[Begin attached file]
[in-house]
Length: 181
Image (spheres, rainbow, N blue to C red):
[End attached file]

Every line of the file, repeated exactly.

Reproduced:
[in-house]
Length: 181
Image (spheres, rainbow, N blue to C red):